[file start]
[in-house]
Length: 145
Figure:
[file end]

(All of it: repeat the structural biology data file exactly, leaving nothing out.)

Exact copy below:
[in-house]
Length: 145
Figure: